Coulson 'listened to hacked phone messages'

Andy Coulson listened to intercepted voicemail messages left on the phones of public figures while he was editor of the News of the World, according to a former senior journalist on the Sunday newspaper.

The new witness in the long-running phone hacking scandal is the first to directly claim that Mr Coulson, who is now the Prime Minister's chief spin doctor, not only knew that reporters on the Rupert Murdoch-owned title were illegally obtaining voicemails but also personally checked recordings or asked for transcripts to ensure that stories were correct.

The unnamed former News International executive tells a Channel Four Dispatches programme due to be broadcast tonight that he would show Mr Coulson intercepted material while working alongside him. Mr Coulson has consistently denied that he knew about the phone hacking.

The newspaper's former royal correspondent, Clive Goodman, was jailed in January 2007 along with private investigator Glenn Mulcaire after both men admitted illegally accessing the voicemails of celebrities, including Princes William and Harry.

Mr Coulson resigned after the case, saying he accepted responsibility for the actions of his employees but had known nothing about them. He told a House of Commons select committee last year: "I am absolutely sure that Clive's case was a very unfortunate rogue case."

The Dispatches witness, whose words are spoken by an actor in the programme, said: "Andy was a very good editor. he was very conscientious and he wouldn't let stories pass unless he was sure they were correct... so, if the evidence that a reporter had was a recorded phone message, that would be what Andy would know about.

"So you'd have to say: 'Yes, there's a recorded message.' You go and either play it to him or show him a transcript of it, in order to satisfy him that... it wasn't made up."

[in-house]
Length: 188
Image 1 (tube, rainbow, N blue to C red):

The furore over alleged dialling into voicemails by private investigators and journalists, which threatens to provoke a slew of compensation claims from affected celebrities, reignited last month when another former NOTW reporter, Sean Hoare, told the New York Times that Mr Coulson had "actively encouraged" him to hack into phones.

The Channel 4 witness said: "It was fairly common – not so common that everybody was doing it. But the people who did know how to do it would do it regularly."

Scotland Yard has been criticised for its handling of the original investigation into the actions of Goodman and Mulcaire after it emerged that officers did not interview any other executives or journalists at the newspaper. The Dispatches witness added: "There were rumours every day of who they were coming for next. And then I think the feeling in the newsroom turned to surprise that nobody else was affected." The new allegations come at the start of a high-profile week for Mr Coulson as the Conservative Party looks to showcase its achievements at its annual conference in Birmingham.

It emerged at the weekend that the former NOTW editor could also be called to give evidence at the perjury trial of former Scottish Socialist Party leader Tommy Sheridan and his wife Gail, which is due to begin today. Mr Coulson has given a statement to lawyers acting for Mr Sheridan and was editing the London edition of the NOTW when it published the story over which the Scottish politician successfully sued for defamation in 2006.